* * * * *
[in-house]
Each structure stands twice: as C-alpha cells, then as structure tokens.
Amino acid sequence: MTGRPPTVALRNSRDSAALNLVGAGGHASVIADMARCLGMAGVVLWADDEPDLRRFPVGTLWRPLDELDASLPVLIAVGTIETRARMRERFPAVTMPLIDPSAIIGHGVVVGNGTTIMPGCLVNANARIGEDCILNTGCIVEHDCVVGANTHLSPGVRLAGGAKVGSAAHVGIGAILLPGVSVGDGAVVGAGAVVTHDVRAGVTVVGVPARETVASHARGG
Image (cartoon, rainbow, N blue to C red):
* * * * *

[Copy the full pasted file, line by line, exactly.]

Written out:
[in-house]
Each structure stands twice: as C-alpha cells, then as structure tokens.
Amino acid sequence: MTGRPPTVALRNSRDSAALNLVGAGGHASVIADMARCLGMAGVVLWADDEPDLRRFPVGTLWRPLDELDASLPVLIAVGTIETRARMRERFPAVTMPLIDPSAIIGHGVVVGNGTTIMPGCLVNANARIGEDCILNTGCIVEHDCVVGANTHLSPGVRLAGGAKVGSAAHVGIGAILLPGVSVGDGAVVGAGAVVTHDVRAGVTVVGVPARETVASHARGG
Image (cartoon, rainbow, N blue to C red):